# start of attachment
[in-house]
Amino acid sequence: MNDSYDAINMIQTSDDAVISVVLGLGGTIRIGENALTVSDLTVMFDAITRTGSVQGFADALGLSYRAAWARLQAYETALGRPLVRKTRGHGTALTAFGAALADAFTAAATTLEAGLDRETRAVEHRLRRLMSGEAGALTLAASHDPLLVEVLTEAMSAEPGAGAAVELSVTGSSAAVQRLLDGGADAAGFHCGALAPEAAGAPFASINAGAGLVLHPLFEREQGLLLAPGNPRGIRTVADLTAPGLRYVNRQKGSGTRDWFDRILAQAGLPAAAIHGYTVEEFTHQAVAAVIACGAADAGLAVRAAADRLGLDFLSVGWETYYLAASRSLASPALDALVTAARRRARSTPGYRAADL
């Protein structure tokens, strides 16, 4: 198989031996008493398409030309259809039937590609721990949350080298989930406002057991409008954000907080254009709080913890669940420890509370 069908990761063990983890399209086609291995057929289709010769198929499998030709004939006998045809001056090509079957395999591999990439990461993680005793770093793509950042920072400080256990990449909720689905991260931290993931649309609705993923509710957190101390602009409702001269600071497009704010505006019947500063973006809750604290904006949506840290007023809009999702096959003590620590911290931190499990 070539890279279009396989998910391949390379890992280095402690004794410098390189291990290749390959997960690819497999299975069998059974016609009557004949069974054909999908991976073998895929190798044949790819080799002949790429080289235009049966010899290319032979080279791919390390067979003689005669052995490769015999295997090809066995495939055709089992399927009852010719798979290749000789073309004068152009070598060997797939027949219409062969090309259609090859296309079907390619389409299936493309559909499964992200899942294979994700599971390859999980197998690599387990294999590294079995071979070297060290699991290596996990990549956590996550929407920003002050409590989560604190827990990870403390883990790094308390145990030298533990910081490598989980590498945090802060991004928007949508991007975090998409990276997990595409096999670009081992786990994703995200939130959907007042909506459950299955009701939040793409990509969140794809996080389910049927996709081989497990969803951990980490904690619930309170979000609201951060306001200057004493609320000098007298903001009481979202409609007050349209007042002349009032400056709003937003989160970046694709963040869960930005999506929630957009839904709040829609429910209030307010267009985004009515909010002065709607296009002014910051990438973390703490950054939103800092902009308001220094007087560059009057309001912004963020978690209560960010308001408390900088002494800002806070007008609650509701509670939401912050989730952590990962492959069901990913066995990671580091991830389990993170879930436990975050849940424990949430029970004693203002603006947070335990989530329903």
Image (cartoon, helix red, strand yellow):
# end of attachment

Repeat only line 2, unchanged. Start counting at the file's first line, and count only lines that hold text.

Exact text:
Amino acid sequence: MNDSYDAINMIQTSDDAVISVVLGLGGTIRIGENALTVSDLTVMFDAITRTGSVQGFADALGLSYRAAWARLQAYETALGRPLVRKTRGHGTALTAFGAALADAFTAAATTLEAGLDRETRAVEHRLRRLMSGEAGALTLAASHDPLLVEVLTEAMSAEPGAGAAVELSVTGSSAAVQRLLDGGADAAGFHCGALAPEAAGAPFASINAGAGLVLHPLFEREQGLLLAPGNPRGIRTVADLTAPGLRYVNRQKGSGTRDWFDRILAQAGLPAAAIHGYTVEEFTHQAVAAVIACGAADAGLAVRAAADRLGLDFLSVGWETYYLAASRSLASPALDALVTAARRRARSTPGYRAADL